First off, which is the same for most branding, it’s about understanding your audience. So making sure your image style properly connects with the people you’re trying to communicate to. So, if you’re a very friendly, happy, family-orientated business – and that’s the kind of audience you want to connect to – you should reflect that in your images, and not go too suited and booted and too bland with your imagery. So, combining your whole branding and your image to talk to your audience is key.
Following on from that, it really should follow your core values. So if you’re a legal person, it needs to show that you’re very good at your job, and you’re going to win all your cases.
By core values here, we kind of mean the top level of your brand philosophy, so your why, how and what messages, making sure that the image is in harmony with those messages, and the rest of your branding really, to make sure it all glues together. And in turn, it’s also worth thinking about and being aware of your colour palette. So you don’t want your images to clash horribly with all the other colours you have on your visual communication.
We’re not saying that everything on a certain brand needs to be blue or anything, but if your brand is an outdoors brand then you’ve got colours in your logo which are going to be earthy tones, so you need to follow that through with all the images on your site as well.
And actually, when you start looking at your branding, it’s often worth starting with your imagery before you get to your colour palette, because in some ways, it’s a good way of defining that colour palette – to get all of the images together and see what common tones you’re using. You can colour pick from them and make sure you’re not getting anything that clashes and it all sits nicely together. Where should you be getting your images? Stock photography can be great to use, as long as it’s good quality. Make sure you have permission to use the images. Sometimes bespoke photography can be a more cost-effective solution. Work with your budget – there are plenty of options out there.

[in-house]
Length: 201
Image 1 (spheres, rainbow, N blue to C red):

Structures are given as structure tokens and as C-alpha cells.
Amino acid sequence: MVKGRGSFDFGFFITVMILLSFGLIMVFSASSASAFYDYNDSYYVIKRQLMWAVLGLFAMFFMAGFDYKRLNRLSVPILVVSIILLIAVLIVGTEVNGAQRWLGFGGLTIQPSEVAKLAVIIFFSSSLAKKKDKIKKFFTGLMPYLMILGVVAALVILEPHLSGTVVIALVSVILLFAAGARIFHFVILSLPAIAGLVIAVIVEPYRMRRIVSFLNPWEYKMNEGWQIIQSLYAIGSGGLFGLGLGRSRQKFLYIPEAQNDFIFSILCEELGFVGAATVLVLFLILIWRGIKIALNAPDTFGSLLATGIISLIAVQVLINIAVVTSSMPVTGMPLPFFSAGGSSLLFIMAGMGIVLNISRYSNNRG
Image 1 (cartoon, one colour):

And then we’ve got to deal with where we’re going to source our images from.
So, you’ve got a few options. There are of course lots of great stock libraries out there; some of them are free, some of them you pay for. The really important thing is if you’re not getting photography done yourself, and you’re getting it from online sources, to be very careful and aware of the licensing and the attribution. The first rule is do not do a Google Images search and just grab images from that, because you don’t know who holds the rights to those images. It’s much better to buy something from the licensed photography and stock libraries. We’ll put some links at the bottom to point you to some of our favourites. And make sure that you’re being very careful not to get into wobbly legal waters.
If you are going down the stock route, and you’ve got a company and you’re buying ten or twenty pictures, maybe it’s worth getting a professional photographer in to really shoot who you are, and the products in the right way. Maybe it is worth doing that. You can potentially do that all in a day.
There could be some savings to be made by getting an actual photographer in, and it tells a better story as well. So it depends on the size of your business, what your budget is and what your goals are to try and get these images sorted out. But if you take the other example of somebody who’s just starting out – there's nothing wrong with taking some photographs, even on your mobile phone, to try and get some of your personality out there, combine that with some stock photography that reflects who you are, and it’s a great starting point if you really are limited with budgets. So loads of options there, we hope.
Yeah, so get out there and sort out your image style.
It will make you happier and more successful.